2. Brian

    People should be paid for their labour. If I went to my boss and asked him to pay me for labour I didn’t work, he would be rightfully angry. If someone asks me to do work, and doesn’t compensate me for it he has committed theft of service, no different than if I walked into a mechanics shop who did work for me on my car in good faith and then I stiffed him on the bill. Line workers assembling things, such as toy cars or code should always be compensated for their efforts. This idea that someone’s labour should be free is obscene and immoral. This is America, not some communist hellhole.

  3. Daniel Lyons

    There are certain industries where the supply of talent far exceeds the demand (in other words, the job pool). Game programming is one of these. It doesn’t matter how badly you guys are mistreated, there will always be another crop of morons who want the job badly enough to endure the low pay, long hours and miserable working conditions. The problem isn’t that game companies treat programmers horribly, it’s that programmers want to make games for a living so desperately they’ll endure this kind of treatment.

    The only way to fix this problem is to reduce the supply: stop wanting to make games for a living! Look at the way the music industry treats musicians. It’s the exact same problem for the exact same reason: having that job is itself a major perk. You don’t get compensated fairly because there’s a dozen faces pressed against your office window wishing for your desk. You don’t get to make demands because there’s a line of people waiting for the moment you give up or get sacked. There is no other niche in programming that has this problem, and there’s no other industry that treats programmers as badly.

    If you want, you can go ahead and demand 1.5x overtime pay. If you get enough programmers together, you may even make it happen. The games industry will then make your standard compensation $13.50/hour, and you’ll be lucky to make $45K/year with your overtime. And they’ll get away with it, because there will always be idiots who want to make games badly enough to endure these conditions.

  4. Chris

    @Daniel, you basically have the truth of it. My own experiences tell me that the average game programmer is a lot like the average investment banker. Work your ass off for 5 years, burnout, find another job in a different field. The difference is the investment banker is motivated by extremely high pay, while the game developer is motivated by a love of video games.

  5. Federico

    Sounds like I can forget about my dreams and just suck it up and move forward on web development… I always wanted to be in this industry, and how naive I was to believe it was a “cool” and “googlish” enviroment

  6. Svend Post author

    Thanks for all your comments 🙂 Keep them coming!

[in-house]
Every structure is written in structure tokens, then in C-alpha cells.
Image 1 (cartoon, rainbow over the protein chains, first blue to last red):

I agree with what several of you say, that’s it’s only possible for the employers to “exploit” the developers because there are many who would gladly take their place. But there are two major reasons that the employers should change their way even if they’re not forced to by a sort of international games developers workers movement:

    A) Having crunch with heavy load and unrealistic deadlines and overtime requirements is bad for their product and therefore themselves as well as the employees.
    B) Even if they can keep hiring new developers, they will not be able to build expertise and will more likely end up with the less talented developers as the others will end up with the few companies who do have proper planning and remuneration for effort.

    @Brian: I’d just like mention as this (i.e. where I’m writing this block is not America, but also not a “communist hellhole”, so your point is still valid 🙂 Though I think capitalism rather than communism might be where this issue stems with it’s inherent “the rich must be right, because otherwise, surely, they wouldn’t be rich” mentality 😛

    @Frederico: Don’t give up your dream! Just keep looking for a company mature enough to make the right decisions, and if you join one that isn’t, try to push it in the right direction 🙂


  7. Anonymous Coward

    Most of the Engineering staff at Blizzard Entertainment are hourly.

  8. Chris Nicola

    @Eli where is this regulation you speak of (or where). I live in BC and I have heard this regulation be bandied about in IT and software but I’ve checked, it is nowhere in the current labour act. Check it out where you live, likely it is only a myth:

    One exception is apparently the “time bank” where overtime can be built up and taken in lieu, later but this *must* be at the written request of the employee. Also it seems “High Tech (non-professional)” can work 12 hours in a day without incurring time and a half, but no more than 80 hours in a week total, otherwise anything over 80 is paid at time and a half.